Swiss consumer confidence jumped seven points to 106 in the third quarter, a reflection of a booming economy and a strong job market. Currently, Switzerland’s confidence level is 19 points above the European average of 87.
In Europe, the most optimistic markets were Denmark (122), the Netherlands (112), and Ireland (111). Germany and Switzerland tied for sixth place.
This is the result of the recent The Conference Board® Global Consumer Confidence Survey conducted in collaboration with Nielsen, a global performance management company that provides information and insights into consumer media and consumer behavior. The Consumer Confidence Index reflects consumers’ assessment of their job prospects, their personal financial situation and their willingness to spend money – always with a view to the coming twelve months. Since 2005, Nielsen has been investigating consumer confidence in 64 countries worldwide.
Confidence in job prospects over the next twelve months jumped ten index points to 75 — well above the European average of 40 points.
VIEW OF OWN FINANCES
Confidence in personal finances also increased. 60% of the Swiss rate their own financial situation as good or very good, up six points from the second quarter. With confidence in job prospects and personal finances increasing, almost one in two Swiss consumers (47%) believe now is a good time to buy the things they want and need.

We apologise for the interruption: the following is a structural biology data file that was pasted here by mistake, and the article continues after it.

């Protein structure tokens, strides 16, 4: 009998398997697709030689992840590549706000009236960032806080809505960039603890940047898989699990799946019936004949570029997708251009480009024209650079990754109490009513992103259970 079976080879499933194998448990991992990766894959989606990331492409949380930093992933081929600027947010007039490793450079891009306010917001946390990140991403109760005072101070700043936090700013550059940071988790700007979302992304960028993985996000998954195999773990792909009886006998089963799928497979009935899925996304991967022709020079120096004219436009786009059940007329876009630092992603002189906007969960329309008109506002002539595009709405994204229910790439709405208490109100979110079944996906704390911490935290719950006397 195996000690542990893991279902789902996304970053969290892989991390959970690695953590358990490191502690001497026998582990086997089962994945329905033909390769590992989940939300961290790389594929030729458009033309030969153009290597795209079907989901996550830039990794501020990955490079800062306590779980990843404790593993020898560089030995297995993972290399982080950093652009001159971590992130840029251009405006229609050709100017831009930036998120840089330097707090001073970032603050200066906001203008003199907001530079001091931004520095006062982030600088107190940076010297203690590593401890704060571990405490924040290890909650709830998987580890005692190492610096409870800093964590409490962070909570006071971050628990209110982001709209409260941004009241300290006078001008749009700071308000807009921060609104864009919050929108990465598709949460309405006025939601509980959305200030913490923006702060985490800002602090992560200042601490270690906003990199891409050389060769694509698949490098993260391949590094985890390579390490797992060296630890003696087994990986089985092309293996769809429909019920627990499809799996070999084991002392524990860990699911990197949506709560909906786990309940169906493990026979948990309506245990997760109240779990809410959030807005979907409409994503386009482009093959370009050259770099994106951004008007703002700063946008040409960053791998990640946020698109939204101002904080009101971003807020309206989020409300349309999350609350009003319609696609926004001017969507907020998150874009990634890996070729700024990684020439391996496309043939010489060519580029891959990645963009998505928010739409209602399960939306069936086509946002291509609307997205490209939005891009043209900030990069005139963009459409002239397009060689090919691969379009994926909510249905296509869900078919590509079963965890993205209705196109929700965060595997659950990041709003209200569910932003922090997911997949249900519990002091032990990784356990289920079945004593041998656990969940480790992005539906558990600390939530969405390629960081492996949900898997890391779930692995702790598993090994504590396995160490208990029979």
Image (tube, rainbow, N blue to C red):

HOLIDAYS & HEALTH CARE: SOLID SWISS INVESTMENTS
What are the Swiss spending their spare cash on? Holidays and vacations remained unwavering as #1 at 47% (+0% vs Q2), followed by paying medical insurance premiums (39%), down -4% from Q2.
ABOUT THE CONFERENCE BOARD® GLOBAL CONSUMER SURVEY
The Conference Board® Global Consumer Confidence Survey is conducted in collaboration with Nielsen. It was conducted in August 2018 and polled more than 32,000 online consumers in 64 countries throughout Asia-Pacific, Europe, Latin America, the Middle East/Africa and North America. The sample includes internet users who agreed to participate in this survey and has quotas based on age and sex for each country. It is weighted to be representative of internet consumers by country. Because the sample is based on those who agreed to participate, no estimates of theoretical sampling error can be calculated. However, a probability sample of equivalent size would have a margin of error of ±0.6% at the global level. This survey is based only on the behavior of respondents with online access. Internet penetration rates vary by country. The Conference Board uses a minimum reporting standard of 60% internet penetration or an online population of 10 million for survey inclusion. The Nielsen China Consumer Confidence Index is sourced from a separate survey conducted by Nielsen China, which is based on a mixed methodology survey of more than 3,000 respondents in China. The Global Consumer Confidence Survey was established in 2005.